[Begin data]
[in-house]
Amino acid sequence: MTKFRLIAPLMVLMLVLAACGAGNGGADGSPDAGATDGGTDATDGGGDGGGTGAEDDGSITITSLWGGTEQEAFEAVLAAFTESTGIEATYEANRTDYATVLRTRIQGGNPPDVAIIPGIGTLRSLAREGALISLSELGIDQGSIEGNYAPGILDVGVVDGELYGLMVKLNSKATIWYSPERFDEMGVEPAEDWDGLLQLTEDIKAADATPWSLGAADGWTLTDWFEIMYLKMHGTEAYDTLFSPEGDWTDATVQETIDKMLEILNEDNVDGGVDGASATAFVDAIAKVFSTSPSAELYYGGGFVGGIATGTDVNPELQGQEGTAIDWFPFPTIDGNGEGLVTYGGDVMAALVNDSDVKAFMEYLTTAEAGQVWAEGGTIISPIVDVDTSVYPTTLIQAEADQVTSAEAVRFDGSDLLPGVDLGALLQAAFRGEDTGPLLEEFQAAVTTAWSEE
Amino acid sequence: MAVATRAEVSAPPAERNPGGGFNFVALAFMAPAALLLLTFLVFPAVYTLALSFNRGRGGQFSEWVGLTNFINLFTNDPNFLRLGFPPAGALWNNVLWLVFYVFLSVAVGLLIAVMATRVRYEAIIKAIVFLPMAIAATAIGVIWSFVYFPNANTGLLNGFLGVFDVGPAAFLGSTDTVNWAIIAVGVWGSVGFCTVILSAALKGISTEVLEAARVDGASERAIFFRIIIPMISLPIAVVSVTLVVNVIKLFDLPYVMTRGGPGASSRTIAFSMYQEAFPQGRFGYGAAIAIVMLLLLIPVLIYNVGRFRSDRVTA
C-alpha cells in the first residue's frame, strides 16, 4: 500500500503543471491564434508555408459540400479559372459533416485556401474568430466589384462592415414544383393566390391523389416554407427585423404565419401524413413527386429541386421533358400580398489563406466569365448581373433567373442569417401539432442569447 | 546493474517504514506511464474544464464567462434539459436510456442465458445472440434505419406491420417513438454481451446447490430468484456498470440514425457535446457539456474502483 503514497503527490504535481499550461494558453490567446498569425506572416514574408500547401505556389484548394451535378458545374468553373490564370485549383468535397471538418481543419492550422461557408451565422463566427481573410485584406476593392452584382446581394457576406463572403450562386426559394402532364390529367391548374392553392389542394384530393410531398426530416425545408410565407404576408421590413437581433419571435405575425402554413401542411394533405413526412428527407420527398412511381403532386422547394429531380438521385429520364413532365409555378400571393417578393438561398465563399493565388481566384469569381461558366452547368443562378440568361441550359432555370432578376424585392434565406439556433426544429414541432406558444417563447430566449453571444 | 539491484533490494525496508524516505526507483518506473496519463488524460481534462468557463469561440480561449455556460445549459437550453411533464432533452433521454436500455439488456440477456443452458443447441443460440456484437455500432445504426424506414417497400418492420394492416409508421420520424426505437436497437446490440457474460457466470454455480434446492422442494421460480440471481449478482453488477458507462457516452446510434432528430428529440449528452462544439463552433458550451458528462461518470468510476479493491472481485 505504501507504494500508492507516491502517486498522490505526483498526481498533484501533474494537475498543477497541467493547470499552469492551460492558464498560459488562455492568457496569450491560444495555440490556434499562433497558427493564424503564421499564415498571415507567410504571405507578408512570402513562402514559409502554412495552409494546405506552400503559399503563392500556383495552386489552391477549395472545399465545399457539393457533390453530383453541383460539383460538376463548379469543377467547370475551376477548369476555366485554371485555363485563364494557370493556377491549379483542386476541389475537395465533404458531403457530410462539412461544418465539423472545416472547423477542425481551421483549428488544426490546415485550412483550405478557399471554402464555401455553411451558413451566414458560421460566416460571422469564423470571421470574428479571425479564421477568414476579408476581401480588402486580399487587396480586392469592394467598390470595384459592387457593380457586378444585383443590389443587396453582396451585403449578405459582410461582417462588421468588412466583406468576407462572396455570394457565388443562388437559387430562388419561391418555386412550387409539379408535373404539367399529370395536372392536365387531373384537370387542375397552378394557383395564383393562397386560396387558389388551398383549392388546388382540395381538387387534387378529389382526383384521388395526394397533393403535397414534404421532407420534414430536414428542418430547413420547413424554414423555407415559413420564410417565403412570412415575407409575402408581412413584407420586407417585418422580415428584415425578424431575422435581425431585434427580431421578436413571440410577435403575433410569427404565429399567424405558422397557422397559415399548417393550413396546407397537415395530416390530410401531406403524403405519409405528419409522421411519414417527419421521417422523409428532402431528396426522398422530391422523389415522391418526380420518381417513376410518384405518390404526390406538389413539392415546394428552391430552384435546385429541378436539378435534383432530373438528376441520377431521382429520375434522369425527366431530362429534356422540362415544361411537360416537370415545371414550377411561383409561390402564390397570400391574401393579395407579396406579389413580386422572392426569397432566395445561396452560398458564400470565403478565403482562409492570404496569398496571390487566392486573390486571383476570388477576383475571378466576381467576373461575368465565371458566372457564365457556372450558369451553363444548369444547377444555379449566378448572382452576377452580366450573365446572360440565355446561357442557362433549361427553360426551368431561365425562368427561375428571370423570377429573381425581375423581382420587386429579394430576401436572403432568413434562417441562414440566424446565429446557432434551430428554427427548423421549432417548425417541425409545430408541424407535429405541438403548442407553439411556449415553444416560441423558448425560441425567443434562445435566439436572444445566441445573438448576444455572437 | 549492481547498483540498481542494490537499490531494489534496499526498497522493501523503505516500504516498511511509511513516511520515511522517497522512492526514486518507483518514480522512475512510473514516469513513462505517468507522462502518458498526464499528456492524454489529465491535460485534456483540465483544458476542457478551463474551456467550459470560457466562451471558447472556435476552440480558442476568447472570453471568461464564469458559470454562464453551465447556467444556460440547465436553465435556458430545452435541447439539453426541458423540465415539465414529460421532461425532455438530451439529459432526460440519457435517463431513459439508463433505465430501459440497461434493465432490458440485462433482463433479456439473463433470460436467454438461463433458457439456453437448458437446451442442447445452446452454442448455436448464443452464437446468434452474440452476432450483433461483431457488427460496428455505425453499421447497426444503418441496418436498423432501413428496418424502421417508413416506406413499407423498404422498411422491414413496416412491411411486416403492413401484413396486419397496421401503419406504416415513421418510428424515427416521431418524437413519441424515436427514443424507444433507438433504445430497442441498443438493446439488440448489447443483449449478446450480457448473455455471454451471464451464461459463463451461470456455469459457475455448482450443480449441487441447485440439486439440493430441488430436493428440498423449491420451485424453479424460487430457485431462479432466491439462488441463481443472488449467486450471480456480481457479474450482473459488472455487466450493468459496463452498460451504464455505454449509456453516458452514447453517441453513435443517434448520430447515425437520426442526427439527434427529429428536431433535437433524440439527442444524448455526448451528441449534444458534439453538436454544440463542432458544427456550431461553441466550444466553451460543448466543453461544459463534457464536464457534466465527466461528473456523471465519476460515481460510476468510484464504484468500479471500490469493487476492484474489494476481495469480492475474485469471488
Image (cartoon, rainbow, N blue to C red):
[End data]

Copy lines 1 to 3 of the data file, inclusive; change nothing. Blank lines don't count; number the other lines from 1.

[in-house]
Amino acid sequence: MTKFRLIAPLMVLMLVLAACGAGNGGADGSPDAGATDGGTDATDGGGDGGGTGAEDDGSITITSLWGGTEQEAFEAVLAAFTESTGIEATYEANRTDYATVLRTRIQGGNPPDVAIIPGIGTLRSLAREGALISLSELGIDQGSIEGNYAPGILDVGVVDGELYGLMVKLNSKATIWYSPERFDEMGVEPAEDWDGLLQLTEDIKAADATPWSLGAADGWTLTDWFEIMYLKMHGTEAYDTLFSPEGDWTDATVQETIDKMLEILNEDNVDGGVDGASATAFVDAIAKVFSTSPSAELYYGGGFVGGIATGTDVNPELQGQEGTAIDWFPFPTIDGNGEGLVTYGGDVMAALVNDSDVKAFMEYLTTAEAGQVWAEGGTIISPIVDVDTSVYPTTLIQAEADQVTSAEAVRFDGSDLLPGVDLGALLQAAFRGEDTGPLLEEFQAAVTTAWSEE
Amino acid sequence: MAVATRAEVSAPPAERNPGGGFNFVALAFMAPAALLLLTFLVFPAVYTLALSFNRGRGGQFSEWVGLTNFINLFTNDPNFLRLGFPPAGALWNNVLWLVFYVFLSVAVGLLIAVMATRVRYEAIIKAIVFLPMAIAATAIGVIWSFVYFPNANTGLLNGFLGVFDVGPAAFLGSTDTVNWAIIAVGVWGSVGFCTVILSAALKGISTEVLEAARVDGASERAIFFRIIIPMISLPIAVVSVTLVVNVIKLFDLPYVMTRGGPGASSRTIAFSMYQEAFPQGRFGYGAAIAIVMLLLLIPVLIYNVGRFRSDRVTA